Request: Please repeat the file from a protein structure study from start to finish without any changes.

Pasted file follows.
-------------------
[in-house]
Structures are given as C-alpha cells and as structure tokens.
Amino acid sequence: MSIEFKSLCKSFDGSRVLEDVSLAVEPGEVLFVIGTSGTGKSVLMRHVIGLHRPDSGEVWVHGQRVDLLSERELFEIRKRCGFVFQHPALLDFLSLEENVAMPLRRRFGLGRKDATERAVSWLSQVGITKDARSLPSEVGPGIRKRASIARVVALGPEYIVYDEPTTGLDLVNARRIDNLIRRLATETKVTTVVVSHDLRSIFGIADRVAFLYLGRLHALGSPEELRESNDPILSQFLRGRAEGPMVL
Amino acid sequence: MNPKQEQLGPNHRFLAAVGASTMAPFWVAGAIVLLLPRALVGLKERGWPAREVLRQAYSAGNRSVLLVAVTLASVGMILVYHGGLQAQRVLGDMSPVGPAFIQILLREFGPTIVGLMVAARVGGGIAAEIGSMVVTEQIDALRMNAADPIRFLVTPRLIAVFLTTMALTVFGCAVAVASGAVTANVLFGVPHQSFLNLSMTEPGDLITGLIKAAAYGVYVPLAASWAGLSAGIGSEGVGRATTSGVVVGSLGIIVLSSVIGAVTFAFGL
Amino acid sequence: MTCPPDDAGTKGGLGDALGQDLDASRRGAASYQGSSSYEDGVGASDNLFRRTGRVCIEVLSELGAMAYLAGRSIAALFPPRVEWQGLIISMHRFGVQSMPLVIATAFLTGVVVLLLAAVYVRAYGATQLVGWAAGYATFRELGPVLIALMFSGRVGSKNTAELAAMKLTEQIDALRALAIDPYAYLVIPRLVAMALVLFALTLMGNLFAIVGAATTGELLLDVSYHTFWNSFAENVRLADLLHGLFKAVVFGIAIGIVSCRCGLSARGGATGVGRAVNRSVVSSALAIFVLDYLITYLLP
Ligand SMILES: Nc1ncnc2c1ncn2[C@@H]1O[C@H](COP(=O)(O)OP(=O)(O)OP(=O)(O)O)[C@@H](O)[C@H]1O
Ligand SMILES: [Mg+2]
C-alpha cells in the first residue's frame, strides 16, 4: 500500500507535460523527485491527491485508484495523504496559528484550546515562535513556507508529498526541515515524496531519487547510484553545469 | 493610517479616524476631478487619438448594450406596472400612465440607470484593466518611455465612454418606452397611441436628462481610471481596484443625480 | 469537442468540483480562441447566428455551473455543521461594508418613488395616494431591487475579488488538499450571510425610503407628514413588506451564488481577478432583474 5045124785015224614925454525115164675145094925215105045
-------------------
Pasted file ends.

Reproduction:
[in-house]
Structures are given as C-alpha cells and as structure tokens.
Amino acid sequence: MSIEFKSLCKSFDGSRVLEDVSLAVEPGEVLFVIGTSGTGKSVLMRHVIGLHRPDSGEVWVHGQRVDLLSERELFEIRKRCGFVFQHPALLDFLSLEENVAMPLRRRFGLGRKDATERAVSWLSQVGITKDARSLPSEVGPGIRKRASIARVVALGPEYIVYDEPTTGLDLVNARRIDNLIRRLATETKVTTVVVSHDLRSIFGIADRVAFLYLGRLHALGSPEELRESNDPILSQFLRGRAEGPMVL
Amino acid sequence: MNPKQEQLGPNHRFLAAVGASTMAPFWVAGAIVLLLPRALVGLKERGWPAREVLRQAYSAGNRSVLLVAVTLASVGMILVYHGGLQAQRVLGDMSPVGPAFIQILLREFGPTIVGLMVAARVGGGIAAEIGSMVVTEQIDALRMNAADPIRFLVTPRLIAVFLTTMALTVFGCAVAVASGAVTANVLFGVPHQSFLNLSMTEPGDLITGLIKAAAYGVYVPLAASWAGLSAGIGSEGVGRATTSGVVVGSLGIIVLSSVIGAVTFAFGL
Amino acid sequence: MTCPPDDAGTKGGLGDALGQDLDASRRGAASYQGSSSYEDGVGASDNLFRRTGRVCIEVLSELGAMAYLAGRSIAALFPPRVEWQGLIISMHRFGVQSMPLVIATAFLTGVVVLLLAAVYVRAYGATQLVGWAAGYATFRELGPVLIALMFSGRVGSKNTAELAAMKLTEQIDALRALAIDPYAYLVIPRLVAMALVLFALTLMGNLFAIVGAATTGELLLDVSYHTFWNSFAENVRLADLLHGLFKAVVFGIAIGIVSCRCGLSARGGATGVGRAVNRSVVSSALAIFVLDYLITYLLP
Ligand SMILES: Nc1ncnc2c1ncn2[C@@H]1O[C@H](COP(=O)(O)OP(=O)(O)OP(=O)(O)O)[C@@H](O)[C@H]1O
Ligand SMILES: [Mg+2]
C-alpha cells in the first residue's frame, strides 16, 4: 500500500507535460523527485491527491485508484495523504496559528484550546515562535513556507508529498526541515515524496531519487547510484553545469 | 493610517479616524476631478487619438448594450406596472400612465440607470484593466518611455465612454418606452397611441436628462481610471481596484443625480 | 469537442468540483480562441447566428455551473455543521461594508418613488395616494431591487475579488488538499450571510425610503407628514413588506451564488481577478432583474 5045124785015224614925454525115164675145094925215105045